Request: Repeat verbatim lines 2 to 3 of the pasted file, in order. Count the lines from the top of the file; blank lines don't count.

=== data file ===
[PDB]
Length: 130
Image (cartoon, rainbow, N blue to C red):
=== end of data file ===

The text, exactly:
Length: 130
Image (cartoon, rainbow, N blue to C red):